Your trip plan should have contingencies for every possibility that you can think of and for every kind of hazard you can expect to encounter and even some that are very unlikely to see. You will need to come up with a new plan of action each time an unexpected hazard is spotted. There are a list of questions that you need to ask yourself for each hazard.

    Do I clearly understand what this hazard is and the risks associated with it?
    Am I physically and mentally prepared to negotiate this hazard?
    What could go wrong?
    Is there a risk to myself or others?
    What can change that would create a new risk?
    Do I have the right type of canoe, paddles, and safety gear to negotiate this hazard?

    For example; In the case of a simple rapid with no real rocks to miss and a deep water series of waves created by a drop in the river that terminate in a lake or wide section of the river with little to no current the risk is minimal in warm conditions. An inexperienced person may decide it is worth the risk to attempt the rapid after watching others go through successfully. In cold conditions or more rapids further down stream that person would probably decide to portage.

    Scout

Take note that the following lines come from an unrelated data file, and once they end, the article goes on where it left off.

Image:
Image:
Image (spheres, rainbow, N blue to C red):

Stopping to scout a hazard can in many cases be done from the canoe. Simply stopping to assess the weather or take a good look around. Other times it will be done from dry land like in the case of paddling an unknown river and approaching a corner where the sound of rushing water is heard. Each time a new hazard is spotted that was unknown or was in your initial plan you stop to scout it to see what the conditions are and if they have changed since the last time it was visited.

    How bad could this be?
    How likely is it to go bad?
    Do I need a new Plan?

    In the example above the new canoeist scouted the minor rapid and decided that a capsize was possible but all his friends were waiting for him at the bottom in a pretty safe section of river. Judging by his risk assessment he decided to try the rapid. If he makes it then his experience has increased as well as his skill. If he goes swimming that is a valuable experience as well and he knows he needs to work on that skill. His friends pull his canoe to shore and he swims to shore where he gets some feed back on what went wrong. In cold conditions our canoeist decides to portage the rapid as the risks are higher.

    Prepare

    As you prepare to challenge an obstacle or avoid a hazard all the questions you have asked so far will help you answer a few final questions. In some cases you will find yourself making preparations and then changing your mind in favour of a new idea. This is not a bad thing. The more time you spend thinking about a hazard the better the chance that you will pick up on minor details that you may have missed.